Fitzmaurice, Megan Irene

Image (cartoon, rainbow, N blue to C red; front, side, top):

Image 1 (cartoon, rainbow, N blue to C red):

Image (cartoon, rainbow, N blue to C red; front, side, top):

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This thesis puts forward a rhetorical investigation of the visual and racial politics at play in Washington, DC’s commemorative formations. Specifically, this thesis looks to the Capitol Rotunda, National Statuary Hall, and the Martin Luther King, Jr. Memorial in order to understand how three major forms of racism—institutional, symbolic, and postracial—shape and are shaped by these formations. A theory of visual silence helps to expose how and in what forms such racism works to simultaneously invoke and suppress the visual voice of African Americans in the nation’s most honored spaces. Visual silence reveals that while African Americans have played an integral role in shaping civic life and national identity in the United States, because we cannot visualize their voices in the same tangible ways in which white Americans are portrayed in the country’s commemorative spaces, their history, achievement, and significance are nearly silenced from the national narrative.